On the other hand, the early results show that the new evaluation and monitoring appears to be more thorough, and more independent.  A good evaluation contractor was selected by OEB staff.  The approach has been more hard-nosed and empirical than anyone could have expected.  While there is still probably more secret, behind the scenes guidance of their evaluation work than is appropriate, the guidance is now from OEB staff, not the utilities.  That is likely to get better over time.  The Evaluation Advisory Committee is providing solid input to the process.  Key concerns are being identified and addressed.  OEB staff have demonstrated they are willing to listen.

As well, the incessant yapping about arcane issues has been brought under control.  There is still lots of talk, but with OEB staff pushing for debates to be constructive, and constantly demanding resolution of discussions, the kind of open-ended babbling that had been characteristic of some aspects of the process in the past has largely dissipated.

When things work well, it is often mostly because of the people involved, and this is no exception.  That having been said, the OEB had confidence in its people, and set up a structure that appears to be working.  Even if it is still early, kudos are in order for making this work well so far.

Renewed Regulatory Framework


Before you get your knickers in a knot, yes I am very, very aware that not everything in the RRFE is working well.  Yes, I have not forgotten that the RRFE is indirectly promoting the “big build”.   Yes, I can see how rates are rising much too quickly for many regulated entities.  Yes, a lot of money is being wasted on additional paperwork.  Yes, there is some potential that the RRFE will continue to be biased in favour of the larger, wealthier utilities.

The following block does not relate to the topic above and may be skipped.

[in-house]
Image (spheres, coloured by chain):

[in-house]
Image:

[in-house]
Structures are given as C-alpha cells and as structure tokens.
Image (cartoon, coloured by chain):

But step back and look at the RRFE as an evolution of regulatory philosophy.   Two things should stand out.   First, there is an emphasis on outcomes.  Second, expectations on utilities have been ramped up.

When the RRFE was first introduced, there was much mocking of the term “outcomes”.   Many in the industry thought it was simply a meaningless buzzword, promoted by the OEB because it was the latest craze, or maybe simply to mollify the OEB’s political masters.  It was like a running gag, in which over a few beers between energy sector people you could be sure that at least one joke would come up with the punch line “outcomes”.

Was it really just a vapid, meaningless word at the outset?  Or, did the OEB intend it to have real importance, but just fail to communicate it well?  Was it the ultimate statement of the “market proxy” concept from the get-go, or was it a nothing that became something through use?

We’ll probably never know the answer to that, but we can see how the meaning and importance of outcomes has solidified in the last few years.   After a series of decisions on individual cases,  the meaning of “outcomes” is starting to become clear.   In competitive markets, customers will pay for something they value.  If a company wants a higher price, it has to deliver higher value.  Results (outcomes) matter.  All the other BS, not so much.